the ability to produce endotoxin, the immune status of the patient, and
whether or not antibiotics are already being administered. In general, reactions to contaminated red cells tend to be
rapid and severe. The patient may develop circulatory collapse and signs of
endotoxic shock during or immediately following the transfusion.
Reactions from contaminated platelets can be much more variable in
their severity, and may manifest during the transfusion, or up to 4 hours
after the unit has been transfused.
Any patient who has a reaction
during infusion of a blood product that includes fever (often greater than 2°C
above baseline), rigors, and/or nausea should be evaluated, and the
transfusion should be stopped. Vomiting or diarrhea may be present.
Dyspnea or cyanosis may rarely be seen.
Hypotension may accompany the reaction.
The patient’s vital signs should be recorded frequently, with
monitoring for the development of oliguria or hypotension.
The blood product and appropriate samples should be sent for a
transfusion reaction evaluation. The
degree of severity of the reaction, as well as the changes in vital signs,
should be conveyed to the blood bank. Such communication will assist the
transfusion medicine physician in deciding if bacterial cultures of the
blood product are warranted, and in guiding the clinician in appropriate
management of the transfusion reaction.
If evidence of circulatory
collapse is present, intravenous hydration with normal saline should be
maintained at a rapid rate to support renal perfusion.
Cultures on the patient’s blood should be drawn, and then
antibiotic coverage for both facultative gram negative and gram positive
organisms should be initiated as soon as possible.
The patient may need to be transferred to an intensive care unit for
close monitoring and blood pressure support.
Obtaining a baseline PT, PTT, fibrinogen, and platelet count is
appropriate, and frequent monitoring of these parameters may be necessary if
signs of DIC develop. All
supportive measures used for a patient in septic shock should be initiated.
Past and future
efforts to prevent transfusion of a bacterially contaminated cellular
Many studies have been undertaken to determine if a test
could be used to consistently detect bacterial contamination of a cellular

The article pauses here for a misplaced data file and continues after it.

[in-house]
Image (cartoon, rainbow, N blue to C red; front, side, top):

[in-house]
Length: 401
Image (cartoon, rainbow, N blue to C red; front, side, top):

blood product. Tests evaluated
have included gram stain and culture, indicator strips to detect changes in
glucose and pH within individual units, endotoxin assays, and
chemiluminescence –linked universal bacterial rRNA probes.
Each of the tests has been found to have limitations, with regard to
one or more of the following: sensitivity, rapid availability, ease, and
cost (4). Use of
antibiotic-labeled probes and microvolume fluorimetry to detect bacteria in
blood products is still in experimental stages, but may prove useful in the
More recently, attention has been
focused on ways to reduce or eliminate bacteria from a cellular blood
product. A simple method
currently used in Europe is to divert the first 30 mL of a collection into a
sampling pouch. Preliminary
data suggest a 75% reduction in risk of bacterial contamination using this
method (6). Psoralen compounds (particularly S-59) and long-wavelength ultraviolet light,
when used in combination, appear to result in photochemical inactivation of
viruses and bacteria. Initial
studies with platelets indicate that the treatment effectively inactivates
high doses of bacteria, and does not significantly compromise in vitro or in
vivo platelet function (7). A
multicenter clinical trial with this treatment is ongoing. In Europe,
researchers are investigating whether methylene blue derivatives will prove
to be suitable photodynamic antimicrobial agents in blood products.
Although the technology of photoinactivation is still in an
experimental phase, it may ultimately eliminate the risk of bacterial
contamination of a cellular blood product, and supplant the need for
detection. Until that time,
however, ongoing recognition and management of a septic transfusion reaction
is the most powerful tool in minimizing the morbidity from such an
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Institute For Transfusion Medicine